The bears and bulls were battling as ferociously as ever over the past month. Let's dive right into the debate, through the words of some of the world's greatest investors.
Bill Miller, chairman and chief investment officer at Legg Mason Capital Management, was clearly in bullish mood when he declared:
U.S. large-capitalization stocks represent a once-in-a-lifetime opportunity in my opinion to buy the best quality companies in the world at bargain prices. The last time they were this cheap relative to bonds was 1951. I was one year old then, but did not have sufficient sentience to invest. I do now, and if you are reading this, so do you.
Of a similar frame of mind, albeit with a focus on emerging markets rather than the United States, Mark Mobius dismissed fears of a double-dip recession:
"Given that there won't be a double dip, we still think that there will be a continuing bull market," Mobius said. "The global recovery is well in place."
Societe Generale's perma-bear strategist Albert Edwards, on the other hand, predicts that the S&P 500 will sink to 450. While complaining that his ideas have been "dismissed as the attention-seeking ravings of a lunatic," he went on to proclaim:
"The structural bear market has not reached the end. We have long said that the de-bubbling process would end only when equities became very cheap and revulsion in equities as an asset class hangs in the air like a fog."
Commodities guru Jim Rogers was also at his ursine best during the month:
I am going to sell bonds short, but I'm not going to short them now because the central banks have more money than I do.
I would rather own commodities than stocks. If the economy gets better, more will be bought and, if it gets worse, then they are going to print money, which is good for silver and gold.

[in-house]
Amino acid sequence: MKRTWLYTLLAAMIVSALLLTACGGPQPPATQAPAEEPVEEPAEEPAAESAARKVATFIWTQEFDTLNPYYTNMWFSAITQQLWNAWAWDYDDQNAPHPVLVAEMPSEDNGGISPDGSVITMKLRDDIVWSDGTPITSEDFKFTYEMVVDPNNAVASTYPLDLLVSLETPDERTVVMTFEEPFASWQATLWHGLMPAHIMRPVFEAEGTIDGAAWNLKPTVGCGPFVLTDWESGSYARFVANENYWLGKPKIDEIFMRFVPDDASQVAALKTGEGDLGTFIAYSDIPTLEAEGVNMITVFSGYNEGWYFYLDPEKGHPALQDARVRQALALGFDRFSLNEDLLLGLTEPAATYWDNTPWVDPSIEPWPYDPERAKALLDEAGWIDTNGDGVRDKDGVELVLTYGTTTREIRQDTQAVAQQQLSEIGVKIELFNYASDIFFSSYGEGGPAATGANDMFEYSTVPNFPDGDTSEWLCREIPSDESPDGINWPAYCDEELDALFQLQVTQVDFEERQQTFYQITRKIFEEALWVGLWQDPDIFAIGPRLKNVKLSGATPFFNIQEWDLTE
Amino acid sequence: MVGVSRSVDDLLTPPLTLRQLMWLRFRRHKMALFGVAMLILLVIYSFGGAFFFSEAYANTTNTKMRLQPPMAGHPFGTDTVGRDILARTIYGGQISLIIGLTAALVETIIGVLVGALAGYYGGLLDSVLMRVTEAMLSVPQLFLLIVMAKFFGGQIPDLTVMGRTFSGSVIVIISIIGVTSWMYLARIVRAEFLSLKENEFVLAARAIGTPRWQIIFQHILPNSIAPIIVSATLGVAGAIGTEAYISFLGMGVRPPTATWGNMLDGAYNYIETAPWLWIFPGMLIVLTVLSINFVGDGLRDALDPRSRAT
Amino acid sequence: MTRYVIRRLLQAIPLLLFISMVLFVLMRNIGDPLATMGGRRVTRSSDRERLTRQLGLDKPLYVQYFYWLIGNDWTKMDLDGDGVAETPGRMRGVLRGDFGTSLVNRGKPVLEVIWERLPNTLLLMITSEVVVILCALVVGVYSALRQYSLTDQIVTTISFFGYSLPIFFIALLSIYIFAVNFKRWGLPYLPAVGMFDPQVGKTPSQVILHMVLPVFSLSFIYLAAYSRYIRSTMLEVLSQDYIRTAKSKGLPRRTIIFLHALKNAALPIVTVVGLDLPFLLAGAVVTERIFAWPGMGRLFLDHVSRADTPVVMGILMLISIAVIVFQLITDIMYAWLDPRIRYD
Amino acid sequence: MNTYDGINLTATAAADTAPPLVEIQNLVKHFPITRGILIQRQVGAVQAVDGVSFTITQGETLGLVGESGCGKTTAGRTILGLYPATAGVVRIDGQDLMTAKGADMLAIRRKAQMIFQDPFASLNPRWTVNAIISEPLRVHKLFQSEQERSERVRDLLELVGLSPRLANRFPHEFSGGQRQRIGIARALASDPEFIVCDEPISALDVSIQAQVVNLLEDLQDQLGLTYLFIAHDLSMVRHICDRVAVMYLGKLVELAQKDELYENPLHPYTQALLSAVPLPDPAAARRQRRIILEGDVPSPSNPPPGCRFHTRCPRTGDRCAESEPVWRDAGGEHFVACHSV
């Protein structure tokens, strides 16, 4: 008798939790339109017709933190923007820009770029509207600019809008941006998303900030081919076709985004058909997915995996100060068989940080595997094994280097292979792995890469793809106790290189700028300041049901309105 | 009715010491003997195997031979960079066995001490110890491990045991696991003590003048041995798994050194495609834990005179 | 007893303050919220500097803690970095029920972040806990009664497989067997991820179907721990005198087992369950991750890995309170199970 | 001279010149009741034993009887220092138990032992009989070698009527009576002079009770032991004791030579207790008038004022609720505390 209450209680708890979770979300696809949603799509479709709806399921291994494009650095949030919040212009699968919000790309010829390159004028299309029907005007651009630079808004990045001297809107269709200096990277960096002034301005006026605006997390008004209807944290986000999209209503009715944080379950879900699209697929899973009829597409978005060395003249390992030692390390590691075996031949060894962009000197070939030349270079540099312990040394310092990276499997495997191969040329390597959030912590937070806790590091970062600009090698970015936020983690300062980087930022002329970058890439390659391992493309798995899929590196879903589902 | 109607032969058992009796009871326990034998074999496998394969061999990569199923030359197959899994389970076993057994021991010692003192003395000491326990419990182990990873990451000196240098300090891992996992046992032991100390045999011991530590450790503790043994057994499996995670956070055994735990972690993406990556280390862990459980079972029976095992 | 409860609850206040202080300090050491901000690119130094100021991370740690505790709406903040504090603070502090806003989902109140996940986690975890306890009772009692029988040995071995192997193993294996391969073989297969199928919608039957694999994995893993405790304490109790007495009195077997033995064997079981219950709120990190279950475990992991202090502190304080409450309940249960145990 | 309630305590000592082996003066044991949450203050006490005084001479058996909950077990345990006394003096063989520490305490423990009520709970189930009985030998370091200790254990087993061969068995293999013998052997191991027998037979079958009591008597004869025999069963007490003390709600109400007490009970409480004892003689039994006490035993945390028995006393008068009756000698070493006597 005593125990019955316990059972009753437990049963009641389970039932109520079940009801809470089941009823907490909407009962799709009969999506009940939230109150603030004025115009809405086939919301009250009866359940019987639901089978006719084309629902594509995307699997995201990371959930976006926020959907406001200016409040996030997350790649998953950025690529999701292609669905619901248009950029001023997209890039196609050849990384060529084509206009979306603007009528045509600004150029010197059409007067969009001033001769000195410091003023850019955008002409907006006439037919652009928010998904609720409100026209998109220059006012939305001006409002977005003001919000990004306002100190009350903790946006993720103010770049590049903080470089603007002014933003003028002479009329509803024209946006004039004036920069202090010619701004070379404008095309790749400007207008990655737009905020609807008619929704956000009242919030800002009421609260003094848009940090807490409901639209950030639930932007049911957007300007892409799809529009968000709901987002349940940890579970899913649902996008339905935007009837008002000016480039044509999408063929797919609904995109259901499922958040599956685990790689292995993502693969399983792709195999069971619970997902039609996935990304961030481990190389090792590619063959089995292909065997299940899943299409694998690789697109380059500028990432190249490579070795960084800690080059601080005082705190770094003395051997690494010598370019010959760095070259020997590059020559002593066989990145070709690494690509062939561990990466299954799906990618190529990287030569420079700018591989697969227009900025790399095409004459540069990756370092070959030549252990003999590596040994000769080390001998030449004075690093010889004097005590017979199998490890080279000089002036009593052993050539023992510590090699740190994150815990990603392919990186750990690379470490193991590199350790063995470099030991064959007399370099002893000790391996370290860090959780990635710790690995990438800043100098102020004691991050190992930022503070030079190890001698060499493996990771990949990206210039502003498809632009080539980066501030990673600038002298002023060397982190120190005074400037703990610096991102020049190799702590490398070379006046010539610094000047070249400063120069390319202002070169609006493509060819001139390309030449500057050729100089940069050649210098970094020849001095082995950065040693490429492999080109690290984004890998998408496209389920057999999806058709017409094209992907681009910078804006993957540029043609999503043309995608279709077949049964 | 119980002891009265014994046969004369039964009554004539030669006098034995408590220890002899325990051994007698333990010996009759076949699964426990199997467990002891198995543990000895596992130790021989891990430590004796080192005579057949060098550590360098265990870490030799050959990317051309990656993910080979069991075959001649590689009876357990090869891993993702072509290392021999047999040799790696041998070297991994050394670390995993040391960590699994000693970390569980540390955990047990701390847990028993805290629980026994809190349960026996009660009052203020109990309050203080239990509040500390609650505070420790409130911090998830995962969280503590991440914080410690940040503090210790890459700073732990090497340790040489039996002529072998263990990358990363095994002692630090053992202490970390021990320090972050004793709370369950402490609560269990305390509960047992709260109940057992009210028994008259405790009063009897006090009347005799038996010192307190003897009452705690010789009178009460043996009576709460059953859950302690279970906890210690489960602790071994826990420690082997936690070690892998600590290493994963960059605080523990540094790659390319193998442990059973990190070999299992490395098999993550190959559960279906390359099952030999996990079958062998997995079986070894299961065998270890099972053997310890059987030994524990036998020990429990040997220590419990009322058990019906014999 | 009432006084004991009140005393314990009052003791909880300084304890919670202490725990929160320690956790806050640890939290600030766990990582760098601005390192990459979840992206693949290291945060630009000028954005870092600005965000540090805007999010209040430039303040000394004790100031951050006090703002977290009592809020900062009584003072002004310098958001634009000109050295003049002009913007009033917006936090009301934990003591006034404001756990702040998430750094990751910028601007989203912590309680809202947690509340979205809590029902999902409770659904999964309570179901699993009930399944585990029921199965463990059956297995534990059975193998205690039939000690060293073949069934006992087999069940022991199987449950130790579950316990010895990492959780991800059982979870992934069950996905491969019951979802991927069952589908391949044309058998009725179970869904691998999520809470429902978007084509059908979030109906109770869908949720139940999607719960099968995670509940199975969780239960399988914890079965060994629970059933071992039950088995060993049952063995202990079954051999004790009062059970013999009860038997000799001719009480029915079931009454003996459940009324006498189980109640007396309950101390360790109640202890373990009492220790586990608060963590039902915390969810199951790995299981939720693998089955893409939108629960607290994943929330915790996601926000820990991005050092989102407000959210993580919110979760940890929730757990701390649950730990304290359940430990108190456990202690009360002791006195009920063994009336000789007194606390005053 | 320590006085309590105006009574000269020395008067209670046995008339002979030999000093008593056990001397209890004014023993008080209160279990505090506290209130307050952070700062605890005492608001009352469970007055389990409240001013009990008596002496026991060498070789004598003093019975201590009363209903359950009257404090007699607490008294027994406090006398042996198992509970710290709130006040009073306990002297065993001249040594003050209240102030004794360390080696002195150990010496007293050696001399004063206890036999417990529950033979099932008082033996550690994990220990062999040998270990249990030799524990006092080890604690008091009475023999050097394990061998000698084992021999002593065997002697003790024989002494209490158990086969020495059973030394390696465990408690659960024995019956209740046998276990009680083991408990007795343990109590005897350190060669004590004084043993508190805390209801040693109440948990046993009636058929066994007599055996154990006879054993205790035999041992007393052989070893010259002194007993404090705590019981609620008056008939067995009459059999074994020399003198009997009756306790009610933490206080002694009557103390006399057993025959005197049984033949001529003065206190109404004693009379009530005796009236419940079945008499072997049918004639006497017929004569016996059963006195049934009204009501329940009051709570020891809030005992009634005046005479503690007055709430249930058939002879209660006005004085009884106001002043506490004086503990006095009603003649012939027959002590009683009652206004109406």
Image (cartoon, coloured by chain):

When challenged with the notion that the gold price is now in bubble territory, he counters:
I'd hardly call something that is very depressed a bubble. It probably will be a bubble some day, I fully expect that, I expect there to be hysteria in the precious metals markets in five or 10 years. Right now very few people own gold, and I can hardly call something a bubble when very few people own it yet.
[But] I would prefer silver, I own both ... it's just that I expect more percentage-wise from silver than from gold because it's so depressed.
On the subject of gold, U.S. Congressman Ron Paul, who believes price of gold is being held artificially low, has proposed an audit of America's gold reserves:
Why should anybody oppose us counting what's in the bank? ... It'd be nice for the American people to know whether or not the gold is there.While not advocating a return to the gold standard, he suggested allowing precious metals to compete with the dollar as legal tender:
If people get tired of using the paper standard, they can deal in gold or silver.
Avoiding the whole bull/bear argument, index fund pioneer Jack Bogle was as critical as ever of the fund management industry:
Returns come and go, as it were, but costs go on forever ... Despite the irrefutable evidence on the impact of fund costs, fund expenses continue their upward march. Conclusion: The huge economies of scale available in managing other people's money have largely been arrogated by fund managers to their own benefit rather than to the benefit of fund shareholders.
Taking a pleasingly oblique look at the world, everyone's favorite chairman, Andrew Perloff of Panther Securities, took a swipe at the utility giants in his company's interim results:
All these big companies no longer seem to care about their customers. They have deliberately awkward contact systems and contracts that may be 18 pages long in print only suitable for Lilliputians.
He goes on to tell a 4,000-word story about learning the importance of customer service in his family's pub in the UK. Hardly standard fare for corporate results announcements, but the investment community is always richer for his "Chairman's Ramblings."
There it is … the market month through the words of some very smart investment minds.